He is battling with Howard Baker for third place and with Ted Kennedy and Jerry Brown for support among independent voters.
Some say he is likely to wind up as president, but of Common Cause rather than the United States of America.
He is John B. Anderson, a serious person who is trying to convince the voters of New Hampshire that he also is a serious candidate.
"What's the difference between Tweedledum and Tweedledee?" thunders the white-haired Illinois Republican congressman. "What's the difference between George Bush and Ronald Reagan? Bush says there isn't any major difference that he knows of and I believe him."
While talking about Bush and Reagan, Anderson is taking dead aim at Baker, the third-place Republican finisher in Iowa who is assumed to be running third again in New Hampshire.
Anderson believes he can upset that expectation. He is pursuing a longshot strategy which calls for him to finish third ahead of Baker in the New Hampshire primary Feb. 26 and use that as a springboard to a second-place finish behind Bush in the Massachusetts primary a week later.
If Anderson can accomplish this -- and his own poll shows him running second in Massachusetts (with 30 percent undecided) -- he thinks he can become competitive for first place in his home state Illinois primary March 18 and the crossover Wisconsin primary April 1.
The New Hampshire primary could best be described as semi-closed. Independents can vote in the GOP primary, but only if they are willing to become registered as Republicans.
Elizabeth Hager, a former state legislator who is chairman of the Anderson campaign here, doubts that many independents will vote in the Republican primary. She says those who do will vote for Anderson but predicts that most of the independents who participate in the primary will do so as Democrats for Kennedy.
So, the Anderson campaign in New Hampshire is targeting the pockets of progressive Republicans in such communities as Hanover, Lebanon, Concord, Keene and Portsmouth. In Massachusetts there is more emphasis on independent voters, as evidenced by Anderson's campaigning on college campuses and before such liberal groups as the Americans for Democratic Action.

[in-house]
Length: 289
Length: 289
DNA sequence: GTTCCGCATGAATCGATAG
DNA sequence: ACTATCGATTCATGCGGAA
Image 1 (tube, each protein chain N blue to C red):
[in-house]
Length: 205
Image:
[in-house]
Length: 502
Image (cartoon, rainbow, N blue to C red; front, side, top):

There is some history on Anderson's side in New Hampshire, despite the generally conservative tenor of Republicans there.
California Rep. Paul N. (Pete) McCloskey Jr. received 20 percent of the vote in 1972 while running against then-president Nixon. The same year, Malcolm McLane, then mayor of Concord and now a staunch Anderson supporter, reached the 20 percent figure in a race for governor.
But there are those who say the Republican Party has become much more conservative in the intervening eight years. Even if it is not, some liberals support Bush on the theory that a vote for Anderson is a vote for Reagan.
"What we're really up against is a mood that this has somehow narrowed down to two candidates," Hager says.
Anderson received a blow earlier this week when Bush and Reagan agreed to meet Feb. 23 in a debate sponsored by the Nashua Telegraph. Announcement of this confrontation reinforced the impression that the GOP primary has become a two-person race.
All seven GOP candidates are scheduled to participate in a debate Feb. 20 in Manchester.
As yet, there are scant signs that Anderson is breaking through in New Hampshire. One of his two events Tuesday evening was canceled by a mild flu epidemic at a Manchester school.
The other, at an American Legion hall in Hudson, attracted 38 people, including five reporters, a wire service photographer, four youthful Anderson volunteers from Connecticut, at least three Democrats who said they were for Kennedy, two Republican officials who come out for every candidate and the Reagon town chairman.
Today, only 20 persons showed up for a reception at the Unitarian Church in Milford.
Anderson seems undiscouraged by his uphill fight. He answers every question in eloquent detail, expounding on his favorite proposal for a 50-cent-a-gallon gasoline tax or denouncing the war fever he says the Carter administration has created for political purposes.
His aides are unfailingly courteous and optimistic, recognizing that Anderson has a long way to go but saying it is worth going with him.
"People would say to me when we started, 'Why don't you go for Bush or Baker because they can win?'" Hager says. "It was hard for me to say then that I was for John Anderson because I believed in him. It's easy to say it now."